The AM Forum

THE AM BULLETIN BOARD => Technical Forum => Topic started by: AE1CT on May 28, 2011, 10:57:35 AM



Title: vertical antennas
Post by: AE1CT on May 28, 2011, 10:57:35 AM
will vertical antennas work on am or is a dipole better. what about inverted v antennas? a friend of mine told me that a may pole vertical is a very good antenna to use on am....any thoughts on this topic.


Title: Re: vertical antennas
Post by: K1JJ on May 28, 2011, 11:42:24 AM
For 75M "local" work within 400 miles or so, a flat, straight dipole at 40' high (or more) is the best antenna you can get.  Feed it with coax or openwire - it makes no difference in performance except for band-hopping with the openwire.

An inverted vee is a close second, but a compromise because the legs start to cancel radiation as they come closer together. The average height is reduced too.

A vertical will be down maybe 15-20 db locally compared to the dipole. On 160M, va ertical can work well, but is still down to a dipole for local work.

Keep the dipole as far from large objects as possible, like houses, powerlines, etc. Trees are OK and almost invisible. The geometry of the dipole is important. No zig-zags or sharp angles. Strive to make it look like a "T" with the feedline coming straight down to the ground, if possible.  Your radiation pattern will then exhibit the best figure-8 pattern possible. Be sure to erect it broadside to your two favorite directions. (Southwest - NE for example)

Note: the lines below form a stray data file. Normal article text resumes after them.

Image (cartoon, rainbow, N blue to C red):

Build your own and avoid the gimmick antennas offered for sale. A simple dipole with one center insulator and two end insulators fed with feedline is all you need.  Try to support the center. It will last longer in wind storms. Use 3/16" "aircraft" braided cable to go thru the tree limbs on each end. Rope will break after a short time due to friction from wind.

Do you have the room to erect a full-size 123' dipole for 75M?

Hope this helps.

Tom, K1JJ


Title: Re: vertical antennas
Post by: AE1CT on May 28, 2011, 12:11:02 PM
i dont have very tall trees in my yard (30 ft) high and the most room i have is probably 40 meters and i want to get on 80. i want to operate mosty sw from my location and there are no trees that will give me that direction. i want to get on the air but im in a position were i dont have a big yard or the tree hight that i need. WHATS a future AMer to do. any ideas would be greatly helpful.